High Court’s Decision
The High Court held that paragraph 5 of Schedule 2 of the RPGTA did not apply to shares disposed by a real property company. It is clear that Paragraph 34A of the RPGTA provided the definition of ‘disposal price’ in real property companies. According to paragraph 34A of the RPGTA, the disposal price of the chargeable asset is the amount or value of the consideration in money or money’s worth for the disposal of the chargeable asset.
The High Court cited paragraph 34A. Therefore, the taxpayer’s appeal against the SCIT’s decision was allowed.
Further in, PF Sdn Bhd v Ketua Pengarah Hasil Dalam Negeri (2009) MSTC 3840, the SCIT considered whether expenses could be deducted from the consideration price of an asset of a real property company. In PF Sdn Bhd (supra), the SCIT concluded that paragraph 34A clearly provides that the Appellant is not entitled to any deductions on the consideration price.
Moreover, the High Court stated that the disposal price for assets belonging to real property companies under the RPGTA is only concerned with the price that the purchaser is willing to pay and the price that the seller is willing to accept. Thus, paragraph 34A is very clear and does not admit any ambiguity in its application. The manner in which the actual consideration price is to be paid is immaterial for the determination of disposal price.
The High Court also looked at the case of Datuk Lai Kon Fah but given that there were no grounds for judgement provided by the Court of Appeal, the High Court held that it was not a binding precedent.
It is the High Court’s view that the existing bank liabilities form part of the consideration in the disposal of shares by the taxpayer. This is due to the existence of a termination clause that provides that the failure to settle the bank liabilities will terminate the sale of the shares. Further, the taxpayer has also agreed that if the bank liabilities were not paid, the sale of shares will not be completed. Thus, the bank liabilities were part and parcel of the sale price forming the consideration. Therefore, RPGT must be assessed on the whole sum of RM 35,000,000.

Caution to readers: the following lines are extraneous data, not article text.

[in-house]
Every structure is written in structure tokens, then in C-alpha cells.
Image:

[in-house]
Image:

In the disposal of assets belonging to real property companies, it is clear that expenses could not be deducted from the disposal price of an asset belonging to real property companies under RPGTA. The High Court has adopted the view that paragraph 34A of Schedule 2 of the RPGTA has provided for the acquisition and disposal of shares in real property companies. Therefore, paragraph 5 of Schedule 2 of the RPGTA cannot apply to the calculation of disposal price of assets belonging to real property companies.
In accordance with the RPGTA, the computation of the disposal price of assets belonging to real property companies is based on the consideration stated in the agreement. In the event where liabilities form part of the consideration of the disposal price, the High Court is of the view that such liabilities cannot be deducted from the disposal price as the they are part and parcel of the consideration. This decision requires real property companies to be prudent in determining the disposal price of assets.
This case is currently on appeal before the Court of Appeal.
2 June 2023